Axial Seamount volcano

Submarine volcano -1410 m / - 4,626 ft
Northeastern Pacific Ocean, Juan de Fuca Ridge, 45.95°N / -130°W
Current status: normal or dormant (1 out of 5)
Last update: 20 Dec 2021 (submarine eruption since 23 April 2015)

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Typical eruption style: effusive (lava flows)
Axial Seamount volcano eruptions: 2015, 1998
Lastest nearby earthquakes: No recent earthquakes

Background

Axial Seamount rises 700 m above the mean level of the central Juan de Fuca Ridge crest about 480 km west of Cannon Beach, Oregon to within about 1400 m of the sea surface. The volcano is the most magmatically robust and seismically active site on the Juan de Fuca Ridge between the Blanco Fracture Zone and the Cobb offset. The summit is marked by an unusual rectangular-shaped caldera (3 x 8 km) that lies between two rift zones. The caldera is breached to the SE and is defined on three sides by boundary faults of up to 150 m relief. Hydrothermal vents colonized with biological communities are located near the caldera fault or along the rift zones. Following the discovery of hydrothermal venting north of the caldera in 1983, a concentrated mapping and sampling effort was made in the mid-late 1980s. An eruption was detected seismically in January 1998; later mapping revealed a lava flow erupted from a 9-km-long fissure at the southern end of Axial caldera. The new lava flows were seen to partially bury a seismometer/ pressure gauge and mooring line deployed in 1997.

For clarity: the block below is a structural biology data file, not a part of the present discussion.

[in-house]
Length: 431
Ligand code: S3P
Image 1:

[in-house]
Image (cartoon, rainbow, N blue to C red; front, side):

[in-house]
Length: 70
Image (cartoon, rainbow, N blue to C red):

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Smithsonian / GVP volcano information


See also: Sentinel hub | Landsat 8 | NASA FIRMS
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